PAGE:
Ford plays Maher's early career at the Academy mostly as comedy - Tyrone even does a few pratfalls and soon broken dishes (and how he is to supposed to pay for them on his meager salary) become a running joke. Maher is involved in a fight with a Corporal (a very young Peter Graves) which lands him in the brig but fortunately catches the eye of Capt. Kohler (Ward Bond) who is impressed with Maher's boxing style and offers him a job as a coach.

Maher soon meets and falls in love with Capt. Kohler's cook, Mary O'Donnell (Maureen O'Hara). The early part of their relationship is treated too mostly as comedy and if you enjoyed Ford's distinctly irish THE QUIET MAN - then you will have no problem with the first part of THE LONG GRAY LINE - especially when Maher's father, Martin Sr. (Donald Crisp) and brother Dinny (Sean McClory) arrive on the scene.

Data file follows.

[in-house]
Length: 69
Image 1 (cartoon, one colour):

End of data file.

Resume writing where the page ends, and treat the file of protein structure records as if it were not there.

The film though takes a decidedly serious turn half way through when the United States becomes involved in the first World War... and Maher soon is morally conflicted about staying at an academy where he helps instructs young men in the art of war...only to hear about them dying later in combat.

THE LONG GRAY LINE refers to the formation of cadets who come to West Point year after year. Maher is particularly proud of some of his students - the like of Omar Bradley, George Patton and Dwight Eisenhower - who were pivotal figures during WWII.

The film was shot in color in widescreen Cinemascope which really brings out the beauty of the West Point countryside. The film also serves as a companion piece to Ford's other similarly themed patriotic film THE WINGS OF EAGLE.

7.5 / 10
April 27, 2009
Ez da Ford-en pelikularik hoberenetarikoa, luzetxoa egiten da gainera.